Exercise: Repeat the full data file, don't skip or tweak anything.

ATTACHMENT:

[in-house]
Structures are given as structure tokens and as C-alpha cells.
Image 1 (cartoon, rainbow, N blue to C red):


[in-house]
Structures are given as structure tokens and as C-alpha cells.
Image 1 (cartoon, rainbow, N blue to C red):